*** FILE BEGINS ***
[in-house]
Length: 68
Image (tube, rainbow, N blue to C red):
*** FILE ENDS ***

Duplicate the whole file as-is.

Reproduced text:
[in-house]
Length: 68
Image (tube, rainbow, N blue to C red):